The government of Alberta recently announced that the Calgary Stampede will move forward this year. The “modified plans” that have been unveiled are dependent on the restrictions set in place by Alberta’s provincial government. With Alberta set to enter Stage 3 this coming July 1, it is unclear how much of a normal Stampede this year will be. In this final stage, the United Conservative Party (UCP) has promised to lift all restrictions and only keep isolation requirements for confirmed cases of COVID-19.
In comparison to other provinces, the UCP’s approach to reopening has been deemed “irresponsible and aggressive” by Dr. James Talbot, co-chair of the Edmonton Zone Medical Staff Association’s COVID-19 committee. Talbot expressed concerns over the fact that Stage 3 has only required 70 per cent of the province to have one dose rather than two and worries about the effect that variants may have.
The Calgary Stampede will begin in less than two weeks after the beginning of the last stage of the summer reopening plan and it will be Canada’s first major event since the COVID-19 pandemic. But, is Calgary ready for that? According to Calgary’s Mayor, Naheed Nenshi, the city has the chance to be “a national leader in what life could be like post-pandemic.” The reality of this statement is that Alberta, much like the rest of the country, is not yet ready to consider what “post-pandemic” life is, seeing as we are still trying to control the virus.
With virtually all restrictions being lifted by the government, the call to safety is primarily on the Calgary municipality and the Stampede itself. It is imperative to understand what consequences may arise as a result of this event moving forward without proper restrictions. The Calgary Stampede has announced certain safety enhancements including sanitization stations, controlled traffic, pre-purchased admission, 25 per cent more space on the grounds and a reduction of the overall capacity. They also noted that while they encourage guests to wear masks, they will follow Alberta Health Services (AHS) guidelines at that time — but they will make masks mandatory for staff and volunteers.
As of June 27, Calgary’s face coverings bylaw was extended to July 5, 2021. The most concerning factor of the Stampede reopening is less of the Exhibition Center itself and more about the crowds and parties it will cause in homes, bars and restaurants that are virtually no longer under any restrictions, whatsoever. In Calgary alone, there were multiple outbreaks in April when Calgary was still under restrictions in multiple restaurants and bars.
Additionally, The University of Calgary’s Cumming School of Medicine created a COVID tracker that graphs all of the outbreaks from hotels, private residences, recreation and restaurants throughout the pandemic. While these numbers have now been reduced, it’s important to note that all these outbreaks arose under restrictions and even with those restrictions, all of these outbreaks preceded increased levels of restriction or lockdowns.
Furthermore, the one-dose goal of the Alberta UCP is frightening and the effects of the variants must be considered. Using one-dose of the vaccine as a replacement to these restrictions may not have the same or higher level of safety than the measures that were in place. It is also worth noting that the Open for Summer plan was drafted prior to the arrival of the Delta variant that has proven to be more contagious. While Kenney is convinced that the vaccine rates will fight against this variant it is clear that medical professionals are worried about the outcomes.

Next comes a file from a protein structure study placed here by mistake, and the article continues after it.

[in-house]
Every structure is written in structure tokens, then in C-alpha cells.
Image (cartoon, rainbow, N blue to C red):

“We still have 1.8 million Albertans who have had no shots. Those Albertans who have had only one shot or no shot could potentially spread it amongst themselves […] We are in a situation where the Delta variant is certainly concerning,” said Noel Gibney, co-chair of the Edmonton Zone Medical Staff Association Strategic Pandemic Committee.
While Dr. Gabriel Fabreau, a general internist and clinic volunteer at the Peter Lougheed Hospital was quoted saying: “Delta variant is here, the science is emerging but it looks like it is more transmissible and is able to escape every single vaccine to a greater degree than the other variants.”
With the Calgary Stampede underway, it is vital to implement safety measures to combat the dangers that the variants pose. In the Frequently Asked Questions (FAQ) category, the Calgary Stampede website states that they have been “encouraged by the successful and safe operation of local attractions” citing the Calgary Zoo, Heritage Park and Calaway Park. However, the Stampede is not at all comparable to these attractions due to its substantial crowd influx and significant influence on tourism. The Stampede, on average, has over 1 million attendees — with the last Stampede in 2019 having over 1,275,465 total attendance in 10 days.
While the Calgary Stampede continues to say they are proceeding safely, the safety measures are, nonetheless, contingent on the government’s demand. On June 23, the mask bylaw in Calgary was extended to July 5 and is to be revisited on that day. Nenshi was met with disapproval from Kenney as the UCP government wants masks gone on July 1. Nenshi was quoted saying, “I’m not sure how much credibility the Government of Alberta has on these measures. We’ve seen them put in restrictions too late and lift them too early continuously for the last 15 months, causing further waves.”